Tybee Island celebrates Juneteenth with annual wade-in

Updated: Jun. 19, 2021 at 10:35 PM EDT
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TYBEE ISLAND, Ga. (WTOC) - Families, friends and current and former city officials gathered on Tybee Island’s North Beach Saturday for their annual wade-in ceremony to commemorate Juneteenth, the first year the City of Tybee Island formally celebrated the holiday.

“I thought today was one of the best celebrations I had ever seen,” said Edna Jackson, former mayor of the City of Savannah.

Tybee Island’s Juneteenth celebration was organized by the Tybee MLK Organization and many say this year the event was even more special.

“It is a celebration on them making a decision to make Juneteenth a holiday,” said Jackson.

Just days ago President Joe Biden signed a bill declaring Juneteenth a federal holiday. It’s also the first Juneteenth since the City of Tybee Island made it an official city holiday.

“For me, it means it’s a step in the right direction that we are finally recognizing something that a lot of African-Americans kind of already knew. We’ve always known about Juneteenth and kind of celebrated it. But now I no longer have to explain what Juneteenth is and why I would like to maybe take the day off and volunteer in my local community or do some kind of event like this,” said attendee Cecili Reid.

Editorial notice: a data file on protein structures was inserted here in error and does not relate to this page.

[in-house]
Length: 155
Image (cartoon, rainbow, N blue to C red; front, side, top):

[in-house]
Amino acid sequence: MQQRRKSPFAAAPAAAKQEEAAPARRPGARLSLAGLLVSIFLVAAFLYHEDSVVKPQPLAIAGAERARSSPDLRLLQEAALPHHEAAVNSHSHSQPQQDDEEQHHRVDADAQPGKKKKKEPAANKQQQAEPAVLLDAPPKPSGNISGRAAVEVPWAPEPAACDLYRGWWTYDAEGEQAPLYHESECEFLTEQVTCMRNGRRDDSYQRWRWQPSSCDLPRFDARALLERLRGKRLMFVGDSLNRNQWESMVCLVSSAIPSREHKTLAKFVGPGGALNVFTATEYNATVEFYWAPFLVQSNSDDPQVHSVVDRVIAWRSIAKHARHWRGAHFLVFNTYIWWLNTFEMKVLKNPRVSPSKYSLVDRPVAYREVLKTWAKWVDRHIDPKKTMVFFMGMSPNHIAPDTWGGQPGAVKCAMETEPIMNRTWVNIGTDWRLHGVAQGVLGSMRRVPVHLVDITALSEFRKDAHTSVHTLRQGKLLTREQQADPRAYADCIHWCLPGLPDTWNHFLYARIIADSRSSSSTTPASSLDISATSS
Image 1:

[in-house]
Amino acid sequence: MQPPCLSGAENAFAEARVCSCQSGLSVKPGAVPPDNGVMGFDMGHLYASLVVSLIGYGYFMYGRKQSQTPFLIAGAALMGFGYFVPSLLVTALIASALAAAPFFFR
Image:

In the 1960s a group of young advocates, including former City of Savannah Mayor Edna Jackson, went into the water at North Beach to protest the segregated beach.

“I thought today is a time where you can reminisce about what went on back in the day, but you also have to think about where we’re going in the future,” said Jackson.

The group was led into the water by Gullah Geechee storyteller Patt Gunn for the third year in a row. Cecili Reid says she enjoyed that the celebration paid homage to what Juneteenth is all about.

“It’s important that it’s not just for African-Americans, it’s for everyone else to learn. There’s some things that people haven’t heard of ever before, so learning about the Gullah Geechee and learning about how Sherman came through Georgia and burned everything down. Some of that stuff isn’t taught in our schools,” said Reid.

Tybee Island’s celebration continued after the wade-in with an African Art Exhibit at The Guard House and an Arts Festival on the pier.

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